DW1 testified that after the PSC detected the fake appointments, it (PSC) informed Permanent Secretaries vide letter dated 22nd April, 1991. I have already set out contents of the said warning to all Permanent Secretaries, Exh.D2.
He further testified that the said Rwabushaija was subsequently dismissed from Public Service. This is contained in the Minutes of
the 1170th meeting of PSC held on 04-09-1992, Exh.D16. Under Minute 880 of the said meeting, it is indicated that the said Rwabushaija, Principal
Personnel Officer, was dismissed with disgrace from the Public Service of the Government of Uganda.
Again, I have seen no reason to doubt the authenticity of these records. I take it that it was so.
At the hearing, the plaintiff denied knowledge of the impugned Corrigenda issued by Mr. Rwabushaija, Exh.D6.
She claimed that she had no access to Public Service Commission records. However, as pleadings clearly show, she made reference to
it in paragraph 4(a) of the amended plaint and actually attached a copy of it thereon. She further referred to the same document
in paragraph 4 of her appeal to the Head of the Civil Service dated 18th March, 2003, Exh.D9 when she stated:
The allegations raised in the letter of 16th August, 2002 are false as I was properly admitted to the Civil Service as per my appointment letter attached and marked C and as
per the Public Service Commission Minute 1049 of 1990 which are hereto attached and marked D”.
In all these circumstances, I found it very strange that the plaintiff could feign ignorance of the said document. It is settled law that a party is expected and
is bound to prove the case as alleged by him and as covered in the issues framed. He will not be allowed at the trial to change his
case or set up a case inconsistent with what he alleged in his pleadings except by way of amendment of the pleadings: Interfreight Forwarders (U) Ltd Vs EADB [1994 - 95] HCB 54.
Learned counsel for the defendant has submitted that since the plaintiff failed to explain how she obtained the said Corrigenda, one
cannot rule out the possibility that she connived with the said Rwabushaija in doctoring of the PSC Minute 1049 of 1990 to include
her name among the appointed Accounts Assistants; that in any case it was not possible for Rwabushaija to include names of people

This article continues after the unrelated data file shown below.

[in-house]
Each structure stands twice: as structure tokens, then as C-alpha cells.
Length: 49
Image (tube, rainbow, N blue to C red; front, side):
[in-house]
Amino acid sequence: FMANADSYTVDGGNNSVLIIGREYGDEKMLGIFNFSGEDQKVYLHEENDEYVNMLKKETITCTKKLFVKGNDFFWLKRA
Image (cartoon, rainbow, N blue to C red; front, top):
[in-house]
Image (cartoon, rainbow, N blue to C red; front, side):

whom he had no knowledge of. In view of the plaintiff’s decision to distance herself from her own exhibit, I am unable to fault
learned counsel’s submission.
In my opinion, by distancing herself from the very document her case is based on, the plaintiff has drawn into disrepute her own
conduct in the saga.
In connection with the case, DW1 Tugabiirwe testified that PSC received a copy of the letter dated 6th August, 1991 (Exh.D17).
The said letter was addressed to the plaintiff, Thru Permanent Secretary Ministry of Local Government, Kampala and it stated:
I am directed to in form you that the Public Service Commission has directed through circular letter No. PSC 744 dated 22nd April, 1991 that the offer of appointment of Accounts Assistant (Trainee) made to you in my letter FC 3/44 dated ...... be cancelled and that the letter referred to above be withdrawn from you with immediate effect.
The Permanent Secretary/Head of Department under whom you are serving is requested to stop your salary and remove your name from the
payroll with effect from 15th June, 1991.
I take the opportunity to thank you for the services you have rendered for the few months you have been in Civil Service. I wish you
the best in all your future endeavours.”
The letter was signed by one Sserunkuma Samuel for: Secretary to the Treasury.
The letter (Exh.D17) makes reference to No. FC 3/44 indicated in the plaintiff’s appointment letter (Exh.P2). it is therefore
from the same office that had issued the impugned appointment letter.
Again, the plaintiff has denied knowledge of this document much as it was addressed to her. Much as it bears no evidence of receipt
by her, I have seen no reason to doubt its authenticity.
It is evident from this letter that her appointment was revoked on 06-08-1991. Nevertheless, she kept in office till 2002.
Second, DW2 Mr. Nanseera. He testified that despite warnings about her improper entry into Public Service, somehow she remained in
There is on record a letter dated 30-09-1994, Exh.D7. In this letter, PSC states that the plaintiff was genuinely recruited, that
her name was submitted for termination of appointment in error and that she should be reinstated in her post. The said letter is
copied to Min. of Local Government where the plaintiff was based when the appointment letter was cancelled. It cited Ref: 748.
According to DW2 Nanseera, Ministry of Public Service subsequently received confirmation from PSC that file Ref: PSC 748 did not
exist in the Commission; that the said letter did not originate from PSC; and, that PSC had no copy of it. By implication Exh.D7
was also fake.
Learned counsel for the defendant has submitted that the plaintiff was aware of this forged letter wherein she was a beneficiary.
Again there is no direct evidence of such knowledge on the part of the plaintiff. However, I find it rather mind boggling that anybody
could have continued after Mr. Rwabushaija’s disgraced exit, championing the plaintiff’s cause in PSC, without her knowledge
and/or personal participation. It is in my view highly unlikely.
The plaintiff stated that in February 1998 she was posted by Ministry of Public Service to High Court of Uganda, Kampala, implying